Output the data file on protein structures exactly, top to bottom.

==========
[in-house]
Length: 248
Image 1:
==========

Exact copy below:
[in-house]
Length: 248
Image 1: